Maryam Sa’eed Otuh is from Okene, Kogi State. A graduate of Biochemistry from Nasarawa State university, Keffi, she was born on the 25th of September 1995. 
She attended ASCOS Nursery School in Ajaokuta, Kogi State. Then moved with her parents to Abuja where she completed her primary school education at Al Ihsan Nursery and Primary School (Now known as Al Mannar), Life Camp, Abuja. Her Junior Secondary School was at Unity Int’ernational School, Gwarimpa Abuja , before she proceeded for her Senior Secondary education at Government Girls Science School, Kuje ,Abuja.

She currently lives with her parents and siblings in Abuja. She loves reading, writing, and hanging out with friends.


What made you choose your career path?

Well to be honest I was one of those people that were quite indecisive as kids. There were so many things I wanted to become then, so many things I really loved to do that I couldn’t exactly single out what I wanted to major in.

So ,when the time came for me to choose a career path, as a science student I decided to choose something that has a mixture of everything: Biochemistry. And I sure don’t regret it.

What are your other interests?

I’ve always loved reading since I was little but I never knew I will come to love writing as well.

I didn’t discover I had writing in me until my Junior secondary . Back then, we were made to read a book titled “West African Verse”. I still have it. I fell in love with the book;its sheer brilliance and artistry. I think the poets of those days were in another universe. The likes of Dennis Osadebe, Gladys Casely hayford etc. They made me fall in love with what I’ve now come to see as one of the most brilliant ways of passing a message.

And that’s why I started writing . And I am completely in love with it.

How do you think the North can move towards sustainable development?

First of all, there is so much illiteracy in the North and it is one of our major problems.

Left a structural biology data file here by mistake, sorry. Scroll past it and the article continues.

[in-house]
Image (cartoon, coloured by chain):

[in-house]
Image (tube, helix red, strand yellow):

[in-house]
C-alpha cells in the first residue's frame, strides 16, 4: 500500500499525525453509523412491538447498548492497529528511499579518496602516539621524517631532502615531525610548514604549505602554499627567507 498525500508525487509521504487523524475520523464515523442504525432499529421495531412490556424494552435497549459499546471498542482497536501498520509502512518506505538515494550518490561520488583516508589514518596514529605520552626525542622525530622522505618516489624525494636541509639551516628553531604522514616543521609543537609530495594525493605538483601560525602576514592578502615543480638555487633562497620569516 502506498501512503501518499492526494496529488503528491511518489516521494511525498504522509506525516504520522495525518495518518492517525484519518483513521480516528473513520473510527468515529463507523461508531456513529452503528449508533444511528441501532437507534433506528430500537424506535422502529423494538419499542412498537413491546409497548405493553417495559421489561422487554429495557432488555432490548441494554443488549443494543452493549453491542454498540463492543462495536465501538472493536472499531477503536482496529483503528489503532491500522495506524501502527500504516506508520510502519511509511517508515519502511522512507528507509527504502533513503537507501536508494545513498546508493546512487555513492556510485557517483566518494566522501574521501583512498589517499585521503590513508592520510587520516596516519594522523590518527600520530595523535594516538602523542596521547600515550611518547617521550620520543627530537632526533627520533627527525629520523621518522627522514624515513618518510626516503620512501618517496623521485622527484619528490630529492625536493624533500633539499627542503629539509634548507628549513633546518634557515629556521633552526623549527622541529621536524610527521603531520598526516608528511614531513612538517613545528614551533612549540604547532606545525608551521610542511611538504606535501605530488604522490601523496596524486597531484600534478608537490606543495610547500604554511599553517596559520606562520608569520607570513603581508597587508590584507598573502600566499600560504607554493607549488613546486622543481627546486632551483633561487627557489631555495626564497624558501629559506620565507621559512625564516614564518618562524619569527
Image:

When I am referring to illiteracy I don’t only mean lack of education alone. I mean lack of exposure which equals lack of experience and that in turn leads to some sort of blind ignorance that affects a person’s behavior.

Some of these people hold strongly to customs and self made beliefs that prevent them from actually learning and becoming useful to the society. However, this can be dealt with by good governance. Appointing good district heads and community leaders that makes the welfare of his people a point of concern will do the trick ,especially regarding education.

They will help in creating awareness on the importance of education, exposure and give opportunities of actually going into the outside world.

To curb ignorance, we need to explain clearly the difference between religion and culture and draw the line that will separate one from the other.

Secondly,there is no doubt that the north is the most populated region in Nigeria. So more population should equal more empowerment opportunities, right?But this is not the case.

We need empowerment programs that will empower both the youth and less privileged , an example is what Kwankwaso (former governor of kano) did in kano. He started an empowernment program for the less privileged that later on created tailors, cobblers, hair dressers etc. We need more of this .

Are there areas in your State you wish are better?

Kogi state has raw materials for example The Ajaokuta steel Company that provided employment for hundreds of people has been flushed down the drain.  Kogi has no production now whatsoever.